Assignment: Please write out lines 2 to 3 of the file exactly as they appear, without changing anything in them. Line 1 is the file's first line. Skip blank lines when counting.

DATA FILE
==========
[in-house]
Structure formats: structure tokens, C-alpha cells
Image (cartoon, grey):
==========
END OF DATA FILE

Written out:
Structure formats: structure tokens, C-alpha cells
Image (cartoon, grey):